[68] Santo Domingo Water Fund (2017).
[69] Schwandl, R. (2014). Santo Domingo.
[70] SmartStop (n.d.).
[71] Spanberg, E. (12 November 2018). Final OK near for $115 Million Convention Center Expansion, Renovation.
[72] Special Economic Zones in the Dominican Republic: Policy Consideration for a More Competitive and Inclusive Sector (2016). World Bank Group, 1-34.
[73] Taxi in Dominican Republic (n.d.).
[74] The Gondola Project (27 February 2018).
[75] Times of India (4 April 2015).
[76] Transporte Publico y Movilidad Urbana en el Gran Santo Domingo [PDF] (2017). Observatorio de Politicas Sociales y Desarrollo.
[77] Travel and Tourism Economic Impact 2018 Dominican Republic (Rep.) (2018). World Travel and Tourism Council Website.
[78] Uber (2018). Uber Moves Santo Domingo.
[79] Uber moto llegó a República Dominicana (16 March 2017).
[80] UNESCO (March 2017). Road Safety Performance Review: Dominican Republic.
[81] UN-Habitat (2013). The Challenge of Slums. The State of the World Cities Report 2012/13. Refer to Issue Paper No. 9 on Land for “Security of Tenure” Definition.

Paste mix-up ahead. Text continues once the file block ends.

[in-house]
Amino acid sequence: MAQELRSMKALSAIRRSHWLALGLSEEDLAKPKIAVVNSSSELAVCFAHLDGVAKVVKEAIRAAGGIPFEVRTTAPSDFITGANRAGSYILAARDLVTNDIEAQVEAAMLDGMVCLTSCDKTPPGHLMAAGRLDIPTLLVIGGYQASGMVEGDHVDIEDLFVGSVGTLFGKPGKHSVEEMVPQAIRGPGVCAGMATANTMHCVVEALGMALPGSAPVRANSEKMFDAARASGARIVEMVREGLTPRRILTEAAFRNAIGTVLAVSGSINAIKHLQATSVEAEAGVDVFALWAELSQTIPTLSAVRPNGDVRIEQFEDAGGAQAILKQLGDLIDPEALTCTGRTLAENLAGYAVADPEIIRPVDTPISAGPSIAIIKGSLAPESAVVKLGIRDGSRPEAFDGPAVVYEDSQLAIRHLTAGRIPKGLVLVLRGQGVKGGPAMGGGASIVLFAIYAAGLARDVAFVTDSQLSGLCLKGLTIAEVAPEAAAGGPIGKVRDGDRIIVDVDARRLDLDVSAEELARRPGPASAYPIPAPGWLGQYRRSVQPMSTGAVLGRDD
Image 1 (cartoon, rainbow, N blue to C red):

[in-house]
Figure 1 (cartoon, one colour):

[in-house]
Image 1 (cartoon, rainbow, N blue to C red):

[82] United Nations Department of Economic and Social Affairs/UNESA (2017). World Population Prospects: The 2017 Revision. Population Division.
[83] University of Sheffield (2015). Leaky Pipes Can Allow Contaminants into Our Drinking Water. ScienceDaily.
[84] USAID (2001). Dominican Republic Environmental Assessment. Tellus.
[85] Watson, L. (21 September 2017). Hurricane Maria: Storm Lashes Dominican Republic after Puerto Rico Is “Obliterated”.
[86] World Bank (n.d.). Gearing up for a More Efficient Tax System in the Dominican Republic.
[87] Yen, T.-H. (2016). An Economic Impact Study of a Convention Center in Northern California. Advanced Tourism Research Globally, 1-7.

comments powered by Disqus
CUS Subscription
E-Mail Alert
CUS Most popular papers
Publication Ethics & OA Statement
CUS News
Frequently Asked Questions
Recommend to Peers
Recommend to Library
Contact Us

Copyright © 2020 by authors and Scientific Research Publishing Inc.

Creative Commons License

This work and the related PDF file are licensed under a Creative Commons Attribution 4.0 International License.